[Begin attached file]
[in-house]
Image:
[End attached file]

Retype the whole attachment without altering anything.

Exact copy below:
[in-house]
Image: